From Ellesmere Island to Pelee Island, from Tofino to St. John’s, we’ll show you where it all happened. You’ve read about all kinds of interesting people and events in Kayak. Get clicking to see where in Canada you’ll find them.

PM Connections

Nunavut: Jean Chrétien was Prime Minister when Nunavut came into being in 1999, but Brian Mulroney was PM when an agreement was signed with the Inuit to create their own territory.

Northwest Territories: Sir Wilfrid Laurier sent representatives to the NWT in 1897 to make sure Canada could claim the territories, especially the Arctic islands.

Yukon Territory: John Diefenbaker pushed the idea of building the Dempster Highway from Dawson Creek to Inuvik back in the late 1950s. After lots of debate and delay, it was officially opened in 1979.

British Columbia: John Turner, our oldest living PM, lived in Rossland and in Vancouver, as well as in Ottawa. Kim Campbell was born in Port Alberni and grew up in Vancouver.

Yellowhead, Alberta: Joe Clark represented this area west of Edmonton for 24 years but served as Prime Minister for less than one year.

Prince Albert, Saskatchewan: Although Diefenbaker lived in Fort Carlton and Saskatoon, he was widely known as “the man from Prince Albert,” where he moved in 1924. There is a centre named after him at the University of Saskatchewan in Saskatoon.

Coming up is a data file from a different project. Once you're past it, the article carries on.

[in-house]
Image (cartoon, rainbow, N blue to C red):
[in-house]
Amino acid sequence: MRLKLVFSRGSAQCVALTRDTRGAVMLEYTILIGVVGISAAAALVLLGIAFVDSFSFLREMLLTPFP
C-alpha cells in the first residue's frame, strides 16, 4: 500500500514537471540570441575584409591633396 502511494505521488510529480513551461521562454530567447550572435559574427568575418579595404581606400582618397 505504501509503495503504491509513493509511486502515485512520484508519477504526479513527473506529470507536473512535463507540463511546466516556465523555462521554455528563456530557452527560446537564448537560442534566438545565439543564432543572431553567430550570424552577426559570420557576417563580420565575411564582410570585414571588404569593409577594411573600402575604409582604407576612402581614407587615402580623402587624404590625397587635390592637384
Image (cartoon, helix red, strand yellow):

Manitoba: Sir John A Macdonald was Prime Minister when Manitoba became a province in 1870, mainly because the Métis under Louis Riel demanded representation in Ottawa.

Ontario: John A. Macdonald was born in Scotland but lived in Kingston. Lester Pearson grew up just north of what is now Toronto. Arthur Meighen was from near London, William Lyon Mackenzie King was from Kitchener and Stephen Harper grew up in Toronto’s west end.

Quebec: More Prime Ministers have come from Quebec than any other province or territory: Sir John Abbott, Laurier, Louis St. Laurent, Pierre Trudeau, Brian Mulroney, Jean Chrétien and Paul Martin.

Hopewell Hill, New Brunswick: R.B. Bennett was born in this tiny community on the Bay of Fundy, south of Moncton. He is the only Prime Minister to be buried in England.

Prince Edward Island: Future Prime Ministers Sir Charles Tupper and Macdonald attended the Charlottetown Conference in 1864 that led to the creation of Canada.

Nova Scotia: Sir Robert Borden was born in Grand Pré and represented both Halifax and Kings County in the House of Commons.

Newfoundland and Labrador: Louis St. Laurent was Prime Minister when Newfoundland and Labrador became part of Canada in July, 1949.

Project partially funded by the Government of Canada through the Department of Canadian Heritage.
  • Canadian Heritage / Patrimoine Canadien
  • Government of Canada
  • HBC: Hudson's Bay Company
  • ecentricarts inc.